Hypertension, or high blood pressure, is an incredibly common condition that approximately one-third of all adults in the UK have. Yet it could be a condition they are not even aware they have.

So, if it’s so common yet so easy to not be aware of, what do you need to be aware of? We'll begin with the basics...


What is blood pressure? 

Blood pressure is, literally, the pressure of the blood in your arteries. As the heart contracts and relaxes the pressure it creates is what pushes the blood around your body.

Naturally, blood pressure is not fixed. Throughout the day your blood pressure will change. For instance, when you are exercising your blood pressure will increase as your BPM increases and, likewise, when you sleep your blood pressure will be at its lowest.

Your blood pressure is calculated by two separate readings: your systolic and diastolic pressure. Systolic is the pressure generated in your arteries upon the contraction of your heart. This is the highest number. Diastolic is the pressure created when your heart relaxes - it’s the pressure between beats. The is the lowest level of your blood pressure. We’ll cover the boundaries of blood pressure readings below.

The problems concerning blood pressure arise when it is consistently high, regardless of what you are doing. This means that your heart is continually having to work harder than it should in order to shuttle blood around your body. Whilst it might not, at first glance, seem or feel like a problem, hypertension can lead to a variety of considerably more harmful consequences including strokes and heart attacks.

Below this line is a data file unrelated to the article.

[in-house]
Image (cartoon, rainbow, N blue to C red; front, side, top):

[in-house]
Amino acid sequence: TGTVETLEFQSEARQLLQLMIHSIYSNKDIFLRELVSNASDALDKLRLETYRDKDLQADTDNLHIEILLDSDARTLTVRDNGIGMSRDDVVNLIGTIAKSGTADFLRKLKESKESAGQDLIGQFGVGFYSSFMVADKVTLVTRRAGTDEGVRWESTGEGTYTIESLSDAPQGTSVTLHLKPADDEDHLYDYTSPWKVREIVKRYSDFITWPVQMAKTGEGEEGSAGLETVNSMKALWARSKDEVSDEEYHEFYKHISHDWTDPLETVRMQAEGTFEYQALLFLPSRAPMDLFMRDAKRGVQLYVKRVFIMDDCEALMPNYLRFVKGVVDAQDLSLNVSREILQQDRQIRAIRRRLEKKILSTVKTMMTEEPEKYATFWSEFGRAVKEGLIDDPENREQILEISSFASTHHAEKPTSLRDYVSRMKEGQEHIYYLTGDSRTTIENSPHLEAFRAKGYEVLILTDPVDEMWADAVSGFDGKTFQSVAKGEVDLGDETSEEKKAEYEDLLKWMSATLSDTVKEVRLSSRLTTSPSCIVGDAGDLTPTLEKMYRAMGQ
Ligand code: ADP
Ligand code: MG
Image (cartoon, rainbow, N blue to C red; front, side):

How Do I Know If My Blood Pressure Is High? 

Image of a red valve dial

You might be familiar with blood pressure readings. They are read as ‘number over number’ or systolic over diastolic. For example, 140/90 mmHg. This is the top end of what is considered to be healthy blood pressure. However, healthy blood pressure falls within a range, just as high and low (hypotension) blood pressure does.

FAQ: What is ideal blood pressure?
Ideal blood pressure is typically considered to be between 90/60 mmHg and 120/80 mmHg. 

For your blood pressure to be considered low, your systolic reading will be lower than 90 mmHg and your diastolic reading lower than 60 mmHg. Normal, or ‘healthy’, blood pressure has a systolic reading of between 90 and 140 mmHG and a diastolic reading of between 60 and 90 mmHg.

Readings higher than this can indicate high blood pressure: marginally higher would suggest ‘possible hypertension’ whilst significantly higher would be indicative of ‘severe hypertension’.

Possible hypertension has a systolic reading of between 140 and 180 mmHg and a diastolic reading of 90-110 mmHg. Severe hypertension would have a systolic reading of higher than 180 mmHg and a diastolic reading of higher than 110 mmHg.


What Are The Causes of High Blood Pressure?

Whilst it can sometimes be difficult to categorically attribute high blood pressure to a specific cause, the majority of people who suffer from high blood pressure can link it to 1, or more, of the following causes:

  • Poor diet Lack of exercise
  • Being overweight
  • Smoking
  • Poor sleep quality
  • Too much alcohol
  • Too much caffeine
  • Too much salt

The good news is that every one of the above causes can be reversed!

However, sometimes high blood pressure could simply be hereditary, made worse by age or a result of genetics (it is more common in those of black African or black Caribbean descent). Yet, even in these instances, changes in diet and exercise habits can have a positive impact on your blood pressure.